Of all the grand masters of Nigerian literature Cyprian Odiatu Ekwensi takes the flag in my roll of colours. I do respect the Achebes, Soyinkas, Nwapas, etc. but this man did something for me the others never could literarily.
Ekwensi died on November 4, 2007 at the age of 86. In his honour I sent this essay to ‘Sunday Sun’ which published it in its ‘Literati column, Nov.18, 2007, pp.44-45. Four years on I am presenting it on Naijastories to help us young writers drink from the gourd of a master. Enjoy it. )
In the pantheon of 20th century African literary deities, ‘serious’ writers like Chinua Achebe, Wole Soyinka and Ngugi wa Thiongo, stand head and shoulders over Cyprian Ekwensi. Many of those who claim control over the so-called canons for evaluating book craft have made this evaluation, some that were made before my parents shared a bed.
The death of Chief Cyprian Odiatu Ekwensi is not a platform for me to agree or disagree with them. Let these dwellers on Mount Olympus have their fill of ambrosia and nectar. However, for me, Cyprian Ekwensi represents something so essential in literature, which many of our gray beards and even contemporary biro-wielders do not have or have forgotten. The corpus of Ekwensi’s output right from the 1940s tell us, if they told us nothing else, that the book will live; not because of glorious prizes it won; not because it bashed the heads of colonialists and neocolonialists in; not because it wielded satirical axes against society’s misdeeds; not because it elevated our cultures to celestial realms, or critics and scholars rode on its back or belly to become professors; or that readers developed migraine in their bid to penetrate it; but because it captured the essence of the human heart. It plucked the strings of the heart in accessible, tasty words, in a language the world could hear, understand and recollect. In short, it entertained.
From juvenilia like ‘Samankwe and the Highway Robbers’, ‘The Drummer Boy’, ‘An African Night Entertainment’, ‘Juju Rock’ to more serious tales like ‘People of the City’, ‘Motherless Baby’, ‘Burning Grass’, ‘Jagua Nana’ and ‘Divided We Stand’, Ekwensi told stories that, like well cooked onugbu (bitter leaf) soup, left a pleasant after-meal tang on the palate. Through his works Ekwensi told us that a work of fiction does not deserve that honourable name if it does not at first sight-oops, reading-arrest the reader like a cop’s handcuffs. I speak with some authority. I read many of Ekwensi’s books, and save for ‘The Drummer Boy’, which was a recommended text when I was in junior secondary school in Plateau State, the others were read because they are what a book-hungry soul needs for sustenance. Who can, having been initiated into the cult of Ekwensi, forget the revenge-driven Mallam Iliya, the sokugo-stricken Mai Sunsaye, the skirt-besotted Amusa Sango, the raunchy belle, Jagua Nana (they don’t create women like that any more, whether in fiction, on the telly, and probably in real life); and the heart-rending Ngozi and heroic Pedro? They are my friends for life.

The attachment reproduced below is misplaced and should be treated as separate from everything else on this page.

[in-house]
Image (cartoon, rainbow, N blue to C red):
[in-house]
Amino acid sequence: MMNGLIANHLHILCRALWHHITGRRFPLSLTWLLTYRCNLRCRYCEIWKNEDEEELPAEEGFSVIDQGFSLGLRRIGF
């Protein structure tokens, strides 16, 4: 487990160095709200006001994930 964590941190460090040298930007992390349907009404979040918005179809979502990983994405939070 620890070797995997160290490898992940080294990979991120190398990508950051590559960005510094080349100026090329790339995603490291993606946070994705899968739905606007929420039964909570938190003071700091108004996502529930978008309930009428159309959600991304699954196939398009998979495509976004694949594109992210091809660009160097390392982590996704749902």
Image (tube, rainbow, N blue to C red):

In an era when popular fiction and accessibility of the written word have been derided as a sign of unscholarly penmanship in Nigeria, there are questions the great (yes, great) Ekwensi pose to members of the quill-wielding tribe, especially those whose ink pots were carved between 1980 to date: who do we write for? The critics who tug at their goatee wisps as they lacerate our works with canons derived from dreary years of studying (not reading) Faulkner, A. E. Houseman, Ernest Hemingway, Toni Morrison, etc.? The plebeians who desire tales of their joys, sorrows, foibles, fears, loves and hate, ups and downs? I do not disparage the critics – the literary enterprise needs them-but if our business is not creating journals where we can contemplate our navels in private, then let us write for the world like Ekwensi did.
Ekwensi’s ‘People of the City’ was published in 1954, four years before ‘Things Fall Apart’. This racy depiction of Lagos in the late 1940s and early 1950s is the first modern novel out of Nigeria, written in Standard English. But it has never been given its due regard, probably because of its themes and its popularist approach. But is that a literary sin? I ask this question (and, to paraphrase Mark Anthony in ‘Julius Caesar’, my e-mail pauses for reply): how many of our writers who scorn accessible fiction because they lack dense themes, texture and tones, can boast of works that made the kind of impact ‘People of the City’ made when it graced the defunct African Writers Series of Heinemann?
Ekwensi, to the best of my knowledge, was not much of a prize-gatherer. I wonder if the Association of Nigerian Authors even gave him a patronship (I stand to be corrected). But it matters little. ‘Outsiders’ who do not dwell on ‘mighty’ fictive engagements are routinely ignored in these climes. e.g. how many of our literary denizens classify Kalu Okpi, Dilibe Onyeama, Dan Fulani and Mohammed Sule among the tribe? But there is always a place for what Helen Habila called ‘airport thrillers’. Tom Clancy, Barbara Cartland, Frederick Forsyth, to name a few, are some of the maestros through whose eyes some of these denizens first saw the literary world. While we need not copy them we should not consign them to garbage dumps, either.
Ekwensi did much more than create ‘airport thrillers’. He told great stories that live on in the hearts of all who encountered them. As this great drummer stops drumming on this side of the divide, let us never forget that in the fictive craft, two things are of essence: the story and the audience. If the story cannot turn the audience on like Ekwensi’s women, then the intercourse is sheer rape.